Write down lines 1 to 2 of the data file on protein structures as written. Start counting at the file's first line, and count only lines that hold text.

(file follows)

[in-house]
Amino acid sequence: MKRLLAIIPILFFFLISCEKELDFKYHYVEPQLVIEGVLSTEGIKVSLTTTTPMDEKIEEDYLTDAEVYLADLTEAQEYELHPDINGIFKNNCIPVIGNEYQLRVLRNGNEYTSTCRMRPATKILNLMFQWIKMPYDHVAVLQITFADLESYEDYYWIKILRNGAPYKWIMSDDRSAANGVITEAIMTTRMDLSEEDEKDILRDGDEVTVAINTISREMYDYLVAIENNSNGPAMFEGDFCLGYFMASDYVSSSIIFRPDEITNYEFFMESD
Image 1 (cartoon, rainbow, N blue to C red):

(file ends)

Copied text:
[in-house]
Amino acid sequence: MKRLLAIIPILFFFLISCEKELDFKYHYVEPQLVIEGVLSTEGIKVSLTTTTPMDEKIEEDYLTDAEVYLADLTEAQEYELHPDINGIFKNNCIPVIGNEYQLRVLRNGNEYTSTCRMRPATKILNLMFQWIKMPYDHVAVLQITFADLESYEDYYWIKILRNGAPYKWIMSDDRSAANGVITEAIMTTRMDLSEEDEKDILRDGDEVTVAINTISREMYDYLVAIENNSNGPAMFEGDFCLGYFMASDYVSSSIIFRPDEITNYEFFMESD